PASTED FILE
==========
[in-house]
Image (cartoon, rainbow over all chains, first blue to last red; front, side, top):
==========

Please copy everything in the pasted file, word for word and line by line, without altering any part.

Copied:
[in-house]
Image (cartoon, rainbow over all chains, first blue to last red; front, side, top):